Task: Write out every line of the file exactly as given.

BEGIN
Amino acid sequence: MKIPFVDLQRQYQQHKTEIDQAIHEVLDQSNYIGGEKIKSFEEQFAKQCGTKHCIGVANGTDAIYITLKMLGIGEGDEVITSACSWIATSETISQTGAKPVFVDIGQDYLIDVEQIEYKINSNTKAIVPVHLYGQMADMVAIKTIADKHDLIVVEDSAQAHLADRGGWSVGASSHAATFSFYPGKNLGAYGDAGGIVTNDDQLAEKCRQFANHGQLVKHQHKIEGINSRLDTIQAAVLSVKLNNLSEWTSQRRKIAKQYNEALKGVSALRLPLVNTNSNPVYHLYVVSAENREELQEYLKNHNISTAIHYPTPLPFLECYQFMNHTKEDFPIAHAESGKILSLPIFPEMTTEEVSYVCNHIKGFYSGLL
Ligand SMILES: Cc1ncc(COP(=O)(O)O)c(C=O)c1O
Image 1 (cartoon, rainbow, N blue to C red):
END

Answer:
Amino acid sequence: MKIPFVDLQRQYQQHKTEIDQAIHEVLDQSNYIGGEKIKSFEEQFAKQCGTKHCIGVANGTDAIYITLKMLGIGEGDEVITSACSWIATSETISQTGAKPVFVDIGQDYLIDVEQIEYKINSNTKAIVPVHLYGQMADMVAIKTIADKHDLIVVEDSAQAHLADRGGWSVGASSHAATFSFYPGKNLGAYGDAGGIVTNDDQLAEKCRQFANHGQLVKHQHKIEGINSRLDTIQAAVLSVKLNNLSEWTSQRRKIAKQYNEALKGVSALRLPLVNTNSNPVYHLYVVSAENREELQEYLKNHNISTAIHYPTPLPFLECYQFMNHTKEDFPIAHAESGKILSLPIFPEMTTEEVSYVCNHIKGFYSGLL
Ligand SMILES: Cc1ncc(COP(=O)(O)O)c(C=O)c1O
Image 1 (cartoon, rainbow, N blue to C red):